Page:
First Things First Group Makes Future Plans


Just four years after voters across Arizona approved the First Things First early childhood initiative, a ballot measure seeks approval to sweep the money and chop the deficit.

Nevertheless, the local FTF council has plans for next year’s funding, and members continue advocating for young children.

“I just hope that the Legislature will leave it alone,” said Hubert Nanty, who up until recently sat on the local council. “Let it run its course. Let it start having an impact.”

New councilor Belinda Guerra took his place as a tribal representative.

Although voters approved the measure in 2006, the councils only began identifying funding priorities in the past two years. Services began last summer.

“There are all sorts of children in Gila County who aren’t getting the services they need,” said councilor Diane Bricker.

The program is funded through an 80-cent tobacco tax, which generates about $150 million each year. Already, the organization has allocated $284 million for early education and health services to help 330,000 children statewide.

This year in Gila County, the regional partnership council has dedicated over $700,000 to various programs including $150,000 for child-care scholarships for about 22 children, $57,000 for 250 children to receive developmental screenings, and $45,000 for a literacy program for 250 children.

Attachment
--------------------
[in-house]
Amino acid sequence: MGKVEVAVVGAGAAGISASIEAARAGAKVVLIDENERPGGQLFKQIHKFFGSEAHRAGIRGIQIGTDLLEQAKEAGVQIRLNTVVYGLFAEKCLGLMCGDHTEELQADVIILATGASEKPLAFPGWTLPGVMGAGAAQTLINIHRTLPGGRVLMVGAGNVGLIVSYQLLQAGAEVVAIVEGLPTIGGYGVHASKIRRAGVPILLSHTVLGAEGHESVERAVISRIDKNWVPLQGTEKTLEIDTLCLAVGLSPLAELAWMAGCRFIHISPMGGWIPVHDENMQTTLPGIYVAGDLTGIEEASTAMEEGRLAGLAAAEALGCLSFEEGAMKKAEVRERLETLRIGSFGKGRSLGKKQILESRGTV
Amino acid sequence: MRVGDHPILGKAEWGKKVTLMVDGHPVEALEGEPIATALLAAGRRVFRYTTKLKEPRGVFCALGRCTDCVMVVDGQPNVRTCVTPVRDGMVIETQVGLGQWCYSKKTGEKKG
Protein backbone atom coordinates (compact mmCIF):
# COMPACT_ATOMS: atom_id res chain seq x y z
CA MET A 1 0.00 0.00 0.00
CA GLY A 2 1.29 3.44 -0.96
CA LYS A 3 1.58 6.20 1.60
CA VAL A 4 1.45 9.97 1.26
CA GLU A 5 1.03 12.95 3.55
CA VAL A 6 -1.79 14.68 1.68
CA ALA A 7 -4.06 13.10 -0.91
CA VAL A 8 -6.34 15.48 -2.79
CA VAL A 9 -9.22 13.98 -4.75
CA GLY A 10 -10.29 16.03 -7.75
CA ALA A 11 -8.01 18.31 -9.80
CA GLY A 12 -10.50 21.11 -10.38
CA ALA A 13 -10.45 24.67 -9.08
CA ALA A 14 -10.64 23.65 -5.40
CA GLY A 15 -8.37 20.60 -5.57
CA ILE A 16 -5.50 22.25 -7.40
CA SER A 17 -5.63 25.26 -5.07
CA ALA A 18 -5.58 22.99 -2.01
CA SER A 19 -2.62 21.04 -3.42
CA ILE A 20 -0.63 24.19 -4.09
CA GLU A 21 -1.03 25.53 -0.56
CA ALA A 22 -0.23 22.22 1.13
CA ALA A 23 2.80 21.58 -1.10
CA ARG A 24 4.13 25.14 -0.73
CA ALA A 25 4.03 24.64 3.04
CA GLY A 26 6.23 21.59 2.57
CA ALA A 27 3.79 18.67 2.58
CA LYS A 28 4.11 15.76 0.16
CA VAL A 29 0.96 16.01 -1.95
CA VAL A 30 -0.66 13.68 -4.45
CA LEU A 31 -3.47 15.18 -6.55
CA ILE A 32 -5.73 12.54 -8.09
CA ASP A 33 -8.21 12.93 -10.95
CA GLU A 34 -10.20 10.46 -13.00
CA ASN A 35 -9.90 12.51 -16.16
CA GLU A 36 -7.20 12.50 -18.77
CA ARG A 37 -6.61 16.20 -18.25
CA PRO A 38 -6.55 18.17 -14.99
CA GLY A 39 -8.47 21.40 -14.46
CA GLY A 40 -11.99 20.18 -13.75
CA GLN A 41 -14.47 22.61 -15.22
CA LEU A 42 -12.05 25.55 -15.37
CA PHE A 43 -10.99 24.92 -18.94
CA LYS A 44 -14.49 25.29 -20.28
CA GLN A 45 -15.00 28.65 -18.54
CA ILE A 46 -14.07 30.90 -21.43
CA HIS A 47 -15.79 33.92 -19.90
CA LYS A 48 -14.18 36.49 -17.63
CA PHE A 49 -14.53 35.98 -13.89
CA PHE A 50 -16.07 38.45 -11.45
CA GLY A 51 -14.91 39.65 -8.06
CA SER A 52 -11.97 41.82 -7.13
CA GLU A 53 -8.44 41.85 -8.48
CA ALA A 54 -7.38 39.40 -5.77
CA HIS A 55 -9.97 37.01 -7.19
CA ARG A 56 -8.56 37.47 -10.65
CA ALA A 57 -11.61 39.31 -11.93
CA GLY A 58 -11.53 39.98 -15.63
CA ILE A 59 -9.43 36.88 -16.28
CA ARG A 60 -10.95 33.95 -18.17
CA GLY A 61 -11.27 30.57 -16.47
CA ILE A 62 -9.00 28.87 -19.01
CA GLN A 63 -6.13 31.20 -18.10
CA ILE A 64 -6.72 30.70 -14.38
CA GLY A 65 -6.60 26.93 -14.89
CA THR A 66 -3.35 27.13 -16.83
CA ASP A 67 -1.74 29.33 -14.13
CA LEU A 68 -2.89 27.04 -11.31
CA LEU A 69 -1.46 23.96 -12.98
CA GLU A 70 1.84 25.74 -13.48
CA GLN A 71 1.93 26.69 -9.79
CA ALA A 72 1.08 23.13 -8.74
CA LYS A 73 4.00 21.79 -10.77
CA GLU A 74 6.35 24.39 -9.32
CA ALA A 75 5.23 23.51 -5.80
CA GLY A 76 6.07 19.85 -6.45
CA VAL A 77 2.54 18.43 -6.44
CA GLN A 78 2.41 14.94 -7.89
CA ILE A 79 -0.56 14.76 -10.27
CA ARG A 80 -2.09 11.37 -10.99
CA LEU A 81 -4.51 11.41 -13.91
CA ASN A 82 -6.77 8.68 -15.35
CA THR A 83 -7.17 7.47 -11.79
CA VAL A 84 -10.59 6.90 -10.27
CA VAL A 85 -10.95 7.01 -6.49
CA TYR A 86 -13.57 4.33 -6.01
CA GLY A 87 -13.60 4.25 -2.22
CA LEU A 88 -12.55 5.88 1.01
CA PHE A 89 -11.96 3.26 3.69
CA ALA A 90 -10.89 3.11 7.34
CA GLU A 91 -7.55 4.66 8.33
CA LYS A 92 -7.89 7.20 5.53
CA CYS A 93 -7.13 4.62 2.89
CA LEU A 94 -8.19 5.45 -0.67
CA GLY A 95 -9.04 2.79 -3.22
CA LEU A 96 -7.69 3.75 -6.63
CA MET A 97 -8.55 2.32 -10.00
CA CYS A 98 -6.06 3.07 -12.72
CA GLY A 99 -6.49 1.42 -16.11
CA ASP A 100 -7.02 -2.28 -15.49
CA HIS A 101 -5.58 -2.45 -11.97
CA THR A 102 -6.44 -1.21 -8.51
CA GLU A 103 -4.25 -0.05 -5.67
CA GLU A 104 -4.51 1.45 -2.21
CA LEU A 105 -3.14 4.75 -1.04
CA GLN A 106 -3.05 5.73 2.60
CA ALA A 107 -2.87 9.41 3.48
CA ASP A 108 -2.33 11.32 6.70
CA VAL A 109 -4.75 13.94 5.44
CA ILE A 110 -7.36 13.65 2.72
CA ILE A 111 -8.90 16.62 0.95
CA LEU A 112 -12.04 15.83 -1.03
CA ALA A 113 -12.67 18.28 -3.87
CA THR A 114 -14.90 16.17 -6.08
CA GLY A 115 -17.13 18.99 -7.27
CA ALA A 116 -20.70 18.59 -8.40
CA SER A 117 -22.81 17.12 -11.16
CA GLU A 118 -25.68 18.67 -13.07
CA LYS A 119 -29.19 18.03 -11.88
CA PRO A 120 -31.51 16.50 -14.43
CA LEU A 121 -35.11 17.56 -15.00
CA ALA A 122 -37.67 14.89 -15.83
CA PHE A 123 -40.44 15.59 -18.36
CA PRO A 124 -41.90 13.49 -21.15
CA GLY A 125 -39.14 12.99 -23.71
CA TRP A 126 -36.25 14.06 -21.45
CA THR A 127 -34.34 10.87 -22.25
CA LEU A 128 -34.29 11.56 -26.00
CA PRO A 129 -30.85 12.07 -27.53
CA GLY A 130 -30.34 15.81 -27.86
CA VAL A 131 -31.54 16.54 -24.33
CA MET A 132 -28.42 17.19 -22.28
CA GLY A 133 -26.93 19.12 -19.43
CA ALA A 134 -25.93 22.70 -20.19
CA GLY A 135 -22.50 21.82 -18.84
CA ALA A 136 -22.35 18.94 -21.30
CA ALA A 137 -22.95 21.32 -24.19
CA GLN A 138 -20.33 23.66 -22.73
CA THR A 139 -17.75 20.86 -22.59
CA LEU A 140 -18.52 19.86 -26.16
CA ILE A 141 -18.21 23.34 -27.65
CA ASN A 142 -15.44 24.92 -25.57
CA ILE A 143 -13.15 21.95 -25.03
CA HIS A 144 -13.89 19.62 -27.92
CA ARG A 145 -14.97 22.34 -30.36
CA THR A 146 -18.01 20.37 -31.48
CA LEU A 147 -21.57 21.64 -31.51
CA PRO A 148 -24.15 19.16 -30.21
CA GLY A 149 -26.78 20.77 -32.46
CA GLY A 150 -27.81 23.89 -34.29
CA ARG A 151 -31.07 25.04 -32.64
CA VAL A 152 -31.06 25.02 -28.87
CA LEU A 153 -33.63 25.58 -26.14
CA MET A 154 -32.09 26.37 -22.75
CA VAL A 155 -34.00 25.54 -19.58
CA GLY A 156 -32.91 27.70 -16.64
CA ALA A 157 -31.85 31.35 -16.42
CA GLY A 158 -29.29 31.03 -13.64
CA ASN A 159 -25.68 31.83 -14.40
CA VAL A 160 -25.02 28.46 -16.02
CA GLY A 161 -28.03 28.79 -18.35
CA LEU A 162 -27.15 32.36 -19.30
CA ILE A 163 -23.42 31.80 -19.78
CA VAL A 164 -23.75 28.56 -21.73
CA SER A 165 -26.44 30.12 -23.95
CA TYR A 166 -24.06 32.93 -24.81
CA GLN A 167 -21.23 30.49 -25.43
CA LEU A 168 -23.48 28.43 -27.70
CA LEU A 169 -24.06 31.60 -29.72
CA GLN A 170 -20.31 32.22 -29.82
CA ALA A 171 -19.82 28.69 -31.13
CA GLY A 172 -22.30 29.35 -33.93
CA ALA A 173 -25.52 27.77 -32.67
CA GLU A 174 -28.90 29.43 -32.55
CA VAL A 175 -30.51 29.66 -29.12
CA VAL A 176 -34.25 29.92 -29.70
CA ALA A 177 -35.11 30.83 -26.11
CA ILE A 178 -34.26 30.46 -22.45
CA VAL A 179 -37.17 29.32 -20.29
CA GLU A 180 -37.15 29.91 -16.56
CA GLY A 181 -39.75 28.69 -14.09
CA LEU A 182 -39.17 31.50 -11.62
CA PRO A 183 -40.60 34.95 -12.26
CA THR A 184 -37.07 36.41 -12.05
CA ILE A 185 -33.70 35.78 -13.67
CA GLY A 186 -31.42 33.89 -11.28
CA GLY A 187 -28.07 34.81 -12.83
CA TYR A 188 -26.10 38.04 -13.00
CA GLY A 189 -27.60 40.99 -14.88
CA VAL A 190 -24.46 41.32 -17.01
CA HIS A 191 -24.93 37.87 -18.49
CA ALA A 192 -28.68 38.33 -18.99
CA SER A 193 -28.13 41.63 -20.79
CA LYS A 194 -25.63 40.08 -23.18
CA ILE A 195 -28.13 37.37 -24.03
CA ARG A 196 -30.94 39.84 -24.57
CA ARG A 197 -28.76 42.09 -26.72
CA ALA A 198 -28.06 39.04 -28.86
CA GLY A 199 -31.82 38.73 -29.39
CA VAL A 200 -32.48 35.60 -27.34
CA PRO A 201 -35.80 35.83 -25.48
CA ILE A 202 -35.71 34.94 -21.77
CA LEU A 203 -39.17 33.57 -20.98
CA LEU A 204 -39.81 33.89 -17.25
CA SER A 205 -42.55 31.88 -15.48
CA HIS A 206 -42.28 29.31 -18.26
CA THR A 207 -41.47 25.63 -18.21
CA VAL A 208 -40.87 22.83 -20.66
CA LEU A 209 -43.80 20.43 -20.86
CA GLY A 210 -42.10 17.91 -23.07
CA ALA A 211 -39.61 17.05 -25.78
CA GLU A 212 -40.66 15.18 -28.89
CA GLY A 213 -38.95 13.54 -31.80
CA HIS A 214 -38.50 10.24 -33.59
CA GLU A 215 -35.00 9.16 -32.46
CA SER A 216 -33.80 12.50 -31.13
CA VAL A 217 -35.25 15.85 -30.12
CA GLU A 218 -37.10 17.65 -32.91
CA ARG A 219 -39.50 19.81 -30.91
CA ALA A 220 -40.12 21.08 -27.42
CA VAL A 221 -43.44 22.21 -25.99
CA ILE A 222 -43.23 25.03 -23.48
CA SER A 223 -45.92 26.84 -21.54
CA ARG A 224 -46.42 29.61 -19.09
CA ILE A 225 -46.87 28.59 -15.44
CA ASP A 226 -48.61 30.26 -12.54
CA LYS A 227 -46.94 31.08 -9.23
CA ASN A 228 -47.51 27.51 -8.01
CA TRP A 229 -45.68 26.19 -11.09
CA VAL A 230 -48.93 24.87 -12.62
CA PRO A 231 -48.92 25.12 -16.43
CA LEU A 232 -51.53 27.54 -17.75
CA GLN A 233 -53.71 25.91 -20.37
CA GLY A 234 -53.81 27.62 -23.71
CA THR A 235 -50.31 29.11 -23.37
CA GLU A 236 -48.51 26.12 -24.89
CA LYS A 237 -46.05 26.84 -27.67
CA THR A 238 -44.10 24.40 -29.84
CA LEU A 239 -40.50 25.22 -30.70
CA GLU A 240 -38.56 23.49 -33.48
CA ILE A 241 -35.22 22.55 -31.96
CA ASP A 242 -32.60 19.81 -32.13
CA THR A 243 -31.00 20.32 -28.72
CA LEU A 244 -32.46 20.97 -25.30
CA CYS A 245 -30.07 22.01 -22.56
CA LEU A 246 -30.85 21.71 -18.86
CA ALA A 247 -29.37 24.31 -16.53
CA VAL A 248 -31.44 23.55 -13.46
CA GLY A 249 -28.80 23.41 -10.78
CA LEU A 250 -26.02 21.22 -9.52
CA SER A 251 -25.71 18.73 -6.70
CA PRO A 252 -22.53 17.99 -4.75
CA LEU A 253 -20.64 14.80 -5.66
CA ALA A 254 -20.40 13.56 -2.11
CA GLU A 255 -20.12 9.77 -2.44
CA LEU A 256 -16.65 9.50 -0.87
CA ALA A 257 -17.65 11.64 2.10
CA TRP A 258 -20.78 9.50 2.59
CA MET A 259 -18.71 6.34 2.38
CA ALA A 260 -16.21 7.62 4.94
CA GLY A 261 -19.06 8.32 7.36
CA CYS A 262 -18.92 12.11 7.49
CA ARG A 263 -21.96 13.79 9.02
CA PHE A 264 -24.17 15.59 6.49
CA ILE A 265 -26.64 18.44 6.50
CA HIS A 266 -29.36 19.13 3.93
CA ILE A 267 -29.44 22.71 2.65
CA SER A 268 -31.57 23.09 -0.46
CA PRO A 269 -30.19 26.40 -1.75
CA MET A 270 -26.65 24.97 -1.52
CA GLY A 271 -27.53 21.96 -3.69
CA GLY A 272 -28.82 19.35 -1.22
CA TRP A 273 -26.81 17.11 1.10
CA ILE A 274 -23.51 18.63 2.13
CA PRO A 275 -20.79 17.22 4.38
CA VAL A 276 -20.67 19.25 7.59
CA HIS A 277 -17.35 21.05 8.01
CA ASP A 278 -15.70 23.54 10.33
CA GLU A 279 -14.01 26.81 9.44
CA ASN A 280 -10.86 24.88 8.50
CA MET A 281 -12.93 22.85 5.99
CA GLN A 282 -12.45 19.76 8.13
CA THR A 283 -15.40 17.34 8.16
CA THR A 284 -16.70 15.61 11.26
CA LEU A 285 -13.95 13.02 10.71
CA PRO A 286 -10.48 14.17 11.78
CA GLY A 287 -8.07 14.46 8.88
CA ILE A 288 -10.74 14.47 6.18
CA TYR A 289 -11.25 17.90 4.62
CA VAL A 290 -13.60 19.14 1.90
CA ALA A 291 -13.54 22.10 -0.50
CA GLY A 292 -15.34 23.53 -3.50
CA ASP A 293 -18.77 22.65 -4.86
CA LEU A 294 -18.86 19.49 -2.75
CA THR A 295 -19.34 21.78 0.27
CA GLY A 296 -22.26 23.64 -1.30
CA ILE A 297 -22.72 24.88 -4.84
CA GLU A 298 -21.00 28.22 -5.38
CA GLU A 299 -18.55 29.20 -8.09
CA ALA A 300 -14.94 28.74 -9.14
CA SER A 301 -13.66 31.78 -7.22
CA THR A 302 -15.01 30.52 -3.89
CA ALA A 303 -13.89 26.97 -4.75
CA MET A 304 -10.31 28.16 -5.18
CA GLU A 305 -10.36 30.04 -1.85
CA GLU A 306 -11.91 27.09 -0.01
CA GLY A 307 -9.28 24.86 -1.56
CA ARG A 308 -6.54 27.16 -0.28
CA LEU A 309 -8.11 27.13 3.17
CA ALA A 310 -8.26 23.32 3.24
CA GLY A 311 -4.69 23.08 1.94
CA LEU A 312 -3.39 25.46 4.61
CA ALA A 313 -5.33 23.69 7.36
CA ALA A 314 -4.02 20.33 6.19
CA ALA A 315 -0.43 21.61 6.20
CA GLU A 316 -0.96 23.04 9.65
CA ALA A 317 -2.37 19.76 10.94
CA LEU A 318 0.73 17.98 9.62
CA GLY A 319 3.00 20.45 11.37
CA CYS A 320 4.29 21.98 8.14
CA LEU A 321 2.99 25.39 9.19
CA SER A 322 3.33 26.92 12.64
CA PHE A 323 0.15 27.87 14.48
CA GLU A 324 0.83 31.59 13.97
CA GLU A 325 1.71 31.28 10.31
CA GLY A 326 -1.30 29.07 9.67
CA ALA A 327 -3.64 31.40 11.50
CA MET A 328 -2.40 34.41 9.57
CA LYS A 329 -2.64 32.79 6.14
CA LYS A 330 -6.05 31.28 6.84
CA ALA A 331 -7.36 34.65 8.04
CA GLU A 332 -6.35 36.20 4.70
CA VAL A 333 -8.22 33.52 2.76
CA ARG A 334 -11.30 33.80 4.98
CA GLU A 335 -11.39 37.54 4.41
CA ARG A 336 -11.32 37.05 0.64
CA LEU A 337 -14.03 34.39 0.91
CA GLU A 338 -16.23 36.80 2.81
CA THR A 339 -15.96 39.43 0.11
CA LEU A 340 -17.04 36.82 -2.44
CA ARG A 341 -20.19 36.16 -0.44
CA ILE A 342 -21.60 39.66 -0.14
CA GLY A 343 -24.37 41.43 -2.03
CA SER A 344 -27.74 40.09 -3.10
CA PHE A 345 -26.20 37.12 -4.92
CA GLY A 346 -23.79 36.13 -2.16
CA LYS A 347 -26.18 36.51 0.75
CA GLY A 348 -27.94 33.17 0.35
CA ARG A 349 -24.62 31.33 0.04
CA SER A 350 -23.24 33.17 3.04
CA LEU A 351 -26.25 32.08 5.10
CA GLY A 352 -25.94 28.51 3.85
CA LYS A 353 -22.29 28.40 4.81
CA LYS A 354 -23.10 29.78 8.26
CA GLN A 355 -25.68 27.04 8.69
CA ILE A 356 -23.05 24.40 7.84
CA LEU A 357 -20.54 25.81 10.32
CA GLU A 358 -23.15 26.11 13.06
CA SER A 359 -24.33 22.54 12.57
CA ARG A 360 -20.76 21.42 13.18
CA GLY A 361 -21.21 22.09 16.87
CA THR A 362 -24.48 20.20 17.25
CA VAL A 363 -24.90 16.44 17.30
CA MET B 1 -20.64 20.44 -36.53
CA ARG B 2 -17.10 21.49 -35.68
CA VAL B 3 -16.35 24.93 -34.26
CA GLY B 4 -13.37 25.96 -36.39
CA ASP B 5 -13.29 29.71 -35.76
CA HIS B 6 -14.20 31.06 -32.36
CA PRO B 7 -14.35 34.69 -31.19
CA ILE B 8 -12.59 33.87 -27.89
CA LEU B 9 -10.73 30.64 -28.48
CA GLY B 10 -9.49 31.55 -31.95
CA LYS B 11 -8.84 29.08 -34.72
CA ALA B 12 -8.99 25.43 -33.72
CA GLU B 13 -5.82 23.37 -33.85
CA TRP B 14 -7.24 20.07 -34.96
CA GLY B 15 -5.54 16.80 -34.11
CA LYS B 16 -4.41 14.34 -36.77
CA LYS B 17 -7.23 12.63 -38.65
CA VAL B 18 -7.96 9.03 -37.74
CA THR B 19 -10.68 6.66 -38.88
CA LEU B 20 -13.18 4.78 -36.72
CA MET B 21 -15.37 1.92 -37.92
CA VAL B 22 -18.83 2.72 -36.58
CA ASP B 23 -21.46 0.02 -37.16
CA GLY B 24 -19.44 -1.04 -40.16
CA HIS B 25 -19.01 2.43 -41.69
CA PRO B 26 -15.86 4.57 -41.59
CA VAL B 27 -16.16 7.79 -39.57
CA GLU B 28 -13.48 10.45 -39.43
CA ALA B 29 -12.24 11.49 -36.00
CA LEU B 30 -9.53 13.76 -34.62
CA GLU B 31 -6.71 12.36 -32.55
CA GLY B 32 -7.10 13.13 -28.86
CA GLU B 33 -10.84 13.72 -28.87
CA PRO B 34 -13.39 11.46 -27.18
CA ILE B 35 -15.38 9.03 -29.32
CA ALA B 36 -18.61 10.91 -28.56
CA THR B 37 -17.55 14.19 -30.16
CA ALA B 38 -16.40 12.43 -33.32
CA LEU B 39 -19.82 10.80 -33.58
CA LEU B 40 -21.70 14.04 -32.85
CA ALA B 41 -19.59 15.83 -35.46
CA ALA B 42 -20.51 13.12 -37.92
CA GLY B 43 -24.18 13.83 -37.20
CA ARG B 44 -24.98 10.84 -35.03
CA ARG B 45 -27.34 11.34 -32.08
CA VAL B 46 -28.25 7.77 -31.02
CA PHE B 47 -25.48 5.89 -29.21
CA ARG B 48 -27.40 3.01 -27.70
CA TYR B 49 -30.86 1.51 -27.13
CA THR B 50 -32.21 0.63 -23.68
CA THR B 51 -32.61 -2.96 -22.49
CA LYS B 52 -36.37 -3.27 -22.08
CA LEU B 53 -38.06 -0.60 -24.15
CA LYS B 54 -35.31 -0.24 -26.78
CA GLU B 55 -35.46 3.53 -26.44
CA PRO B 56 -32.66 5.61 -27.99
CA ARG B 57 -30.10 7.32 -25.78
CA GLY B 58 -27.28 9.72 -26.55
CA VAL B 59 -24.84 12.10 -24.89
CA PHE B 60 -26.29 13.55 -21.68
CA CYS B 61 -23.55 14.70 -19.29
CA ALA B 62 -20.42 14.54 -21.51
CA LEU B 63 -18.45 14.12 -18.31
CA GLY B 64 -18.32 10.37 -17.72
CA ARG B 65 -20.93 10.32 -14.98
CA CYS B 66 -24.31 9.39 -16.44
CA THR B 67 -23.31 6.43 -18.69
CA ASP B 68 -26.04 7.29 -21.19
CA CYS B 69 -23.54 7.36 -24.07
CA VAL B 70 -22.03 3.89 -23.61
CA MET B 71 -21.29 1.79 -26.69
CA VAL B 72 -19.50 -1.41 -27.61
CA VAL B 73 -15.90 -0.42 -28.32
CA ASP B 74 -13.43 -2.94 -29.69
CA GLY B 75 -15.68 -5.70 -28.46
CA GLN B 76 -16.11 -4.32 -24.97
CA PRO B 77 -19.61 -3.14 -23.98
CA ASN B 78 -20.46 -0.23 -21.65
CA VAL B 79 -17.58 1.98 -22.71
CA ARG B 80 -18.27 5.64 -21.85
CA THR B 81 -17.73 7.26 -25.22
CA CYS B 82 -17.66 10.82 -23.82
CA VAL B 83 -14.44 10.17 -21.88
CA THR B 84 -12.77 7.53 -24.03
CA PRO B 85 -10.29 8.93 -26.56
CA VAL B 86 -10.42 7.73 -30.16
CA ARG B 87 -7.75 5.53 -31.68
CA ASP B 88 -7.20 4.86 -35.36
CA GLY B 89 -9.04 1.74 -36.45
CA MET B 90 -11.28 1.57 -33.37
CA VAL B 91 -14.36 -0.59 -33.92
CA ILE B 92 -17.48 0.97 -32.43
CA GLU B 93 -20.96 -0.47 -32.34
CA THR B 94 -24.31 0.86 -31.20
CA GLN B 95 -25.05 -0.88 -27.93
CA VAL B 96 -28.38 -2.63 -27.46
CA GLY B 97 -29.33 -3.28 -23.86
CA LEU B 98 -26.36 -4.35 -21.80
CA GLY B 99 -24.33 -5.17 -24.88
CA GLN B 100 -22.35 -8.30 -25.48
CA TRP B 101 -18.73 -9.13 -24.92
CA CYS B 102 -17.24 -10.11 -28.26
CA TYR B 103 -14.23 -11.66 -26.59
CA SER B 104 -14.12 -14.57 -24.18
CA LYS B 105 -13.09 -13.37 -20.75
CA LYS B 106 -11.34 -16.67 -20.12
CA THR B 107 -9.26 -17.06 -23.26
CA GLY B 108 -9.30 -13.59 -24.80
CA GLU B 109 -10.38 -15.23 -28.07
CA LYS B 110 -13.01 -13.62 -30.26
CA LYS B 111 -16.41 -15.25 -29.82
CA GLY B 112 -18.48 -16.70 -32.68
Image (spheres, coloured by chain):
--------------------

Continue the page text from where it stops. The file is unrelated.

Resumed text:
Other efforts include a tuition forgiveness program for mental health professionals or physical therapists that commit to working with young children in Gila County for two years. The council dedicated $123,000 for the program.

Interestingly, the council dedicated $25,000 toward oral exams and education for 300 children, but received no applications for service providers.

If voters approve the fund sweep, the money ends Dec. 1.

First Things First targets children from birth through age 5, and has various regional councils that decide how to spend most of the money. Less than 10 percent of the funds statewide pay for administration.

Each of the 31 councils has 11 members from a variety of sectors including education, health services, education and philanthropy. Gila County’s council currently has two vacant seats, and members hail from around the county.

The local councils identify priorities for spending the money, which the state board must then approve. If anyone is interested in serving as a member of the local council, visit on the Internet.


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